Kempsey, Worcestershire facts for kids
|Population||2,609 (2011 Census)|
|OS grid reference|
|Sovereign state||United Kingdom|
|Fire||Hereford and Worcester|
|EU Parliament||West Midlands|
Kempsey is a village and civil parish in the Malvern Hills District in the county of Worcestershire, England. It is bounded by the River Severn on the west, and the A38 main road runs through it and is about 3 miles south of Worcester. The village has a long history. Its name is derived from the Saxon "Kemys' Eye", or the island of Kemys. Kemys was a Saxon chief, whose island lay between marshes and the River Severn. One of the roads in Kempsey, Lyf's Lane, is named after another Saxon chief. The village was recorded in the 11th century Domesday Book as having a value of £7.
The local Anglican church of St. Mary was built between the 12th century and 15th centuries, and the 15th century tower is 82 feet tall. The composer Sir Edward Elgar lived in the village from 1923 to 1927, during which time he was made Master of the King's Music. The village has several pubs including one named after Bishop Walter de Cantilupe.
- Dark Ages
Kempsey is named after a Saxon chief, Kemys. The full name means "Kemys' Eye", as the original settlement, where the church now stands, was a semi-island between the River Severn and marshland.
A piece of iron dated 1500-800 BC According to 'Kempsey Collection' page 9, a piece of iron dated 1500-800 BC was dug up in the Court Meadow area, and is now in the Foregate Museum, Worcester. At that time the River Severn was tidal at Kempsey, and there was extensive marshland and forest in the Severn valley.
A Roman milestone dedicated to the Emperor Constantine the Great (AD 307 – 337) was found in about 1818 when ground was being levelled for a vegetable garden for Court House, opposite the west gate of the churchyard. According to O'Neil, this was probably not its original position as the nearest Roman road was about a mile away. It could have previously been used as masonry for the Bishop's Palace due to the lack of suitable building stone in Kempsey. The Victoria County History entry describes this as "an inscription found some years before 1818, lying in two pieces with other stones 4 feet deep in the west wall of the kitchen garden of the parsonage farm, north-west of the church. Many of the other stones were cemented together and formed some kind of ancient foundation; whether the inscription was one of these, is not recorded. It is itself a flat slab of freestone, 33 inches high by 20 inches wide, and is now in the Worcester Museum. It reads as follows:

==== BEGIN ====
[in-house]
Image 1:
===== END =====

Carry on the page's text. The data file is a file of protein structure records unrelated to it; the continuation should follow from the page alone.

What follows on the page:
Val(erio) Constantine P(io) fe(lici) invicto Aug(usto) 'Emperor Valerius Constantinus, pious, fortunate, unconquerable, Augustus.'
Probably the commencement of the inscription is lost; it may have begun IMP. CAES FL. Imp(eratori) Cs(ari) Fl(avio). Flavius Valerius Constantinus was Constantine the Great, and this stone was presumably set up in his reign (A.D. 308-337). It appears to be a milestone, or rather a road-stone, of the type common in the fourth century, in which the mileage was often omitted - though here it might have been broken off. But it might conceivably be no more than an honorary slab."